I had never run Terrapin before, but always wanted to. This year, I was able to. I drove down on Friday afternoon and picked up my friend, Matt from JMU on the way. We were planning on going by Clark Zealand's (race director) running store, The Aid Station, then going to the start line where they had packet pickup. The Aid Station was very impressive. It's all the trail shoes and stuff for ultra and trail running you see on-line but no one carries in stores because there's not a "big enough demand for it." Well, the Aid Station is where it all is.
Matt and I arrived at the starting line around 6 o'clock to the smell of fresh pizza from a Domino's truck. That truck rules and if I ever win the lottery, I'm buying one complete with a staff to just live in the back and bake me hot fresh pizza at all hours of the day. Anyway, we spent the evening visiting with friends, eating pizza, and enjoying the cool mountain air. Oh, and Matt didn't bring a jacket or coat to camp in March. Lucky for him, I brought an extra couple layers. He probably would've died of exposure if I hadn't. I probably saved his life, no big deal.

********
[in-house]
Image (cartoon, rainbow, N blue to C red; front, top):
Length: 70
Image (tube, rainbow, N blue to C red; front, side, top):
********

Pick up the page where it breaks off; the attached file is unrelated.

|Terrapin Mt evening before race|
Fast forward, to the race: we started with the sound of a gong. A real one, made by the cymbal company Zildjian. I didn't stick around to ask them who's gong is was. We were off. The group off the front was sizable containing both the 50k race and the 1/2 marathon race. Down the road we made a left, then we made a SHARP LEFT and a SHARP RIGHT. These directions would be important later...but then again, opening my eyes would've been more helpful.